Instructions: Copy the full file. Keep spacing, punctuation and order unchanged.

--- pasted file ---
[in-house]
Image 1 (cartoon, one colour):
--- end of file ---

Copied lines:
[in-house]
Image 1 (cartoon, one colour):